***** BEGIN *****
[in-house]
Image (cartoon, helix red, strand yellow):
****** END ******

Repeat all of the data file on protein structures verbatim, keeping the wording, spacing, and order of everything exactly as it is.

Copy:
[in-house]
Image (cartoon, helix red, strand yellow):